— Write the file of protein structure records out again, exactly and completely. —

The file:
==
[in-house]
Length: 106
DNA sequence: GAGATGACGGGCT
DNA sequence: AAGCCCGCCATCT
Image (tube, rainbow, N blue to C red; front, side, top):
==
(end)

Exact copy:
[in-house]
Length: 106
DNA sequence: GAGATGACGGGCT
DNA sequence: AAGCCCGCCATCT
Image (tube, rainbow, N blue to C red; front, side, top):